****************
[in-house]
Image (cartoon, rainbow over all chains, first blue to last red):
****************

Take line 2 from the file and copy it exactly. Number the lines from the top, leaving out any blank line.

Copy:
Image (cartoon, rainbow over all chains, first blue to last red):